# The Supremum and Infimum of a Nonempty Subset of Real Numbers

Recall from the Upper and Lower Bounds of Subsets of Real Numbers page that if $S \subseteq \mathbb{R}$ is a subset of real numbers then a real number $M \in \mathbb{R}$ is an upper bound of $S$ if for all $x \in S$ we have that $x \leq M$. Furthermore, $m \in \mathbb{R}$ is a lower bound of $S$ if for all $x \in S$ we have that $m \leq x$.

We will now discuss a very important property of the real numbers known as the axiom of completeness. It will be very important later on.

Axiom (Completeness of the Real Numbers): If $S \subseteq \mathbb{R}$ is a nonempty subset of real numbers that is bounded above then $S$ has a least upper bound $M \in \mathbb{R}$. That is, if $M^* \in \mathbb{R}$ is also an upper bound of $S$ then $M \leq M^*$. |

An analogous result for nonempty subsets of real numbers that are bounded below can be derived from the axiom of completeness.

Theorem 1: If $S \subseteq \mathbb{R}$ is a nonempty subset of real numbers that is bounded below then $S$ has a greatest lower bound $m \in \mathbb{R}$. That is, if $m^* \in \mathbb{R}$ is also a lower bound of $S$ then $m^* \leq m$. |

**Proof:**Let $S \subseteq \mathbb{R}$ be such that $S \neq \emptyset$ and assume that $S$ is bounded below. Then there exists an $m' \in \mathbb{R}$ such that for all $x \in S$ we have that $m' \leq x$. Consider the set:

- Clearly $-S \neq \emptyset$. Furthermore, since $m' \leq x$ for all $x \in S$ we see that $-x \leq -m'$ for all $-x \in -S$. So $-S$ is a nonempty subset of the real numbers that is bounded from above. By the completeness axiom, $-S$ has a least upper bound $M \in \mathbb{R}$ with the property that $-x \leq M \leq -m'$ for all $-x \in -S$ and for all upper bounds $-m'$ of $-S$. But then $m' \leq -M \leq x$ for all $x \in S$ and for all lower bounds $m'$ of $S$. Set $m = -M$. Then $m' \leq m \leq x$ for all $x \in S$ and for all lower bounds $m'$ of $S$ which shows that $m$ is a greatest lower bound for $S$. $\blacksquare$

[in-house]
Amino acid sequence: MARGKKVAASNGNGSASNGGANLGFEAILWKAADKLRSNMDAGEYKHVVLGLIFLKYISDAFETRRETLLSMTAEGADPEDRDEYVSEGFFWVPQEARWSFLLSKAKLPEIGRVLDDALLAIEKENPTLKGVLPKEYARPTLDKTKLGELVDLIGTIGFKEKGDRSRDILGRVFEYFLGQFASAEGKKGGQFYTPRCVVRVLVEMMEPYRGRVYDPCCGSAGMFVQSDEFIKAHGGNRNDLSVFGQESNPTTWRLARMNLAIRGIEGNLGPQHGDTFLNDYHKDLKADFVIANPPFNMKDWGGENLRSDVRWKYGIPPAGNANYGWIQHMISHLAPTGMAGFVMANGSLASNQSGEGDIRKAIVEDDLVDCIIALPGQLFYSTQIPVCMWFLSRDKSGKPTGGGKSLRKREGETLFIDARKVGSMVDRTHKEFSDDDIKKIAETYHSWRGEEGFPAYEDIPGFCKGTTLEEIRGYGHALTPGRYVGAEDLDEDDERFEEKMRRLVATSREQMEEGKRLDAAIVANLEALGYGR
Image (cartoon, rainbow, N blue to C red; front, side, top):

Definition: Let $S \subseteq \mathbb{R}$ be nonempty.1) If $S$ is bounded above then the least upper bound of $S$ is called the Supremum of $S$ and is denoted $\sup S$.2) If $S$ is bounded below then the greatest lower bound of $S$ is called the Infimum of $S$ and is denoted $\inf S$. |

*By convention, if $S$ is unbounded from above we say that $\sup S$ exists and that $\sup S = \infty$. If $S$ is unbounded from below we say that $\inf S$ exists and that $\inf S = -\infty$. Therefore the supremum and infimum of a nonempty subset of real numbers always exists in the set of extended real numbers.*

*Note that if $S$ is a nonempty subset of real numbers that is bounded above then $\sup S$ need not be contained in $S$. Similarly, if $S$ is a nonempty subset of real numbers that is bounded below then $\inf S$ need not be contained in $S$.*

For example, consider the set $\mathbb{N} = \{ 1, 2, 3, ... \}$ of natural numbers. Then:

(2)For another example, consider the open interval $(0, 1] = \{ x \in \mathbb{R} : 0 < x \leq 1 \}$. Then:

(3)In this case $\sup (0, 1] \in (0, 1]$ but $\inf (0, 1] \not \in (0, 1]$.

We now state a simple proposition regarding the supremum and infimum of a nonempty finite subset of real numbers. We omit the proof but it is rather simple to prove.

Proposition 1: If $S \subseteq \mathbb{R}$ is a nonempty finite subset of real numbers then:a) $\sup S = \max \{ x : x \in S \}$.b) $\inf S = \min \{ x : x \in S \}$. |